What To Do When Your Workers Comp Check Is Late

Every month, many injured workers across the US complain about delayed workers’ comp checks. The most common question you’ll hear from them is: Where is my workers’ compensation check?

There are a lot of reasons why you still haven’t got your workers’ compensation check. It could be lost in the mail or sent to a different address by mistake (yes, it happens). Or if you still haven’t received word about your workers’ compensation claim, maybe your insurance provider is taking their sweet time “processing” it. But if this is not your first payment, it could be that your check is just delayed.

In cases like this, you should talk to your insurance provider. If that doesn’t work, you can go to the nearest Florida Division of Workers Compensation Employee Assistance Office (EAO). You can also call them at (800) 342-1741 or e-mail them at wceao@myfloridacfo.com.

When Should I Receive My Workers’ Comp Check?

Workers’ comp regulations vary by state. But in Florida, you should receive your first workers’ comp check within 21 days (for temporary disability) and 14 days (for total disability and death) after reporting your injury to your employer. The check should come regularly thereafter until you’re not any more qualified to receive workers’ compensation.

Workers’ comp payments may also stop if the insurance provider suspects fraud. Or that you have already reached MMI and are now ready to go back to work. Most of the time, you’ll receive a notice about it before your payments will stop coming.

What to Do When Your Check is Delayed

As mentioned, calling the insurance company should be your first step if you really want to know what happened to your check. Ask for the adjuster or claims representative.

If they tell you that your check was mailed, then it probably just got lost in the mail. If this is the case, you should inform them Take care of all services about your new address (if you moved). Or ask for a tracking number of the mailed check so you can verify it with the courier.

But if they say that they haven’t mailed your check yet, then you should ask them why it got delayed.

Workers’ comp checks get delayed for a variety of reasons. Sometimes it’s just a simple clerical error. You should talk it out with your claims adjuster to know how best to proceed.

Unfortunately, it’s not uncommon for insurance companies to ignore complaints from injured workers. In fact, some of them deliberately refuse to correct any errors on their side to avoid paying benefits.

When talking to them doesn’t work, it’s high time you hire a workers compensation lawyer.

Checking the mail for a workers compensation check.

Why You Need a Workers Compensation Lawyer

We all know how hard it is to make ends meet when you are disabled and can’t go to work. A delayed benefits check can make it more difficult.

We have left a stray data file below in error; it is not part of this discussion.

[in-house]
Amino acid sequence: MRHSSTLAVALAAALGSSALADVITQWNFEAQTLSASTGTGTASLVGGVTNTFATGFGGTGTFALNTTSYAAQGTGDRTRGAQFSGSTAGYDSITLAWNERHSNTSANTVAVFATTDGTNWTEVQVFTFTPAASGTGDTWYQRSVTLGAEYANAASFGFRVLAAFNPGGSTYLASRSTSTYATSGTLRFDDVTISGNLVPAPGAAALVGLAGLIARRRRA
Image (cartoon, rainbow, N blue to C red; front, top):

But lodging a complaint about a delayed workers’ compensation check can be a stressful affair. It is very common for insurance companies to come up with excuses as to why your check isn’t available yet.

The most common excuse you’ll hear from an insurer is that they are still “processing” your claim. Sometimes they’ll say that they are still conducting an investigation on your claim. They are also known for “misplacing” or “forgetting” workers’ compensation claims.

These excuses are the reason why you need a workers’ compensation lawyer. They’re not only used to confronting insurance companies who are not holding up to their end of the bargain. They are also knowledgeable of the state’s worker’s compensation laws.

Because of these, your workers’ comp attorney can speed up the release of your workers’ comp check. They can also ensure that you get the right amount of compensation you deserve.

Penalty for Late Workers’ Comp Check

One lesser-known fact about workers’ compensation is that insurers are required to pay a penalty for delayed workers’ comp checks. Every state has different penalty rates and rules.

In Florida, insurance carriers have to pay a penalty of 20% of the total late payment. That is if they fail to release the check within seven days after the payment is due.

For example, you reported your claim on the 1st of June. On June 21st, you should be able to receive your check. If it arrives on the 22nd of June, the insurer will bear no penalty. But if you receive it later than June 28, you are entitled to a penalty in addition to your delayed benefits.

There are, however, exceptions to this rule. The insurance carrier will not be required to pay any penalty if:

  • they can prove that the late payment or non-payment is due to circumstances beyond their control
  • if they invoke the right to “pay and investigate claim” using the 120-day period allowed by law

In addition to the penalty, they will also pay interest at the rate of 12% per year. This will commence from the day the benefits are due up to when the benefits are paid. The interest payment shall be the greater of the interest due or $5.


Victor Malca P.A. has over 25 years of litigation experience in Workers Compensation and Social Security Disability lawsuits. His experience and continued success in fighting for his clients puts among the most trusted workers’ compensation lawyers in Florida. Our area of expertise is in representing injured workers on compensation benefit cases and disabled individuals claim social security disability benefits.

Our unwavering advocacy for employee rights and privileges are recognized by our past clients across South Florida. Book a free consultation today.

Judy Ponio is a writer for Victor Malca LawAbout The Author

Judy Ponio is a writer for Victor Malca Law P.A. and enjoys helping people with questions about social security, workers compensation, and other serious matters involving people’s livelihood. She is not an attorney and her writing should not be considered legal advice.

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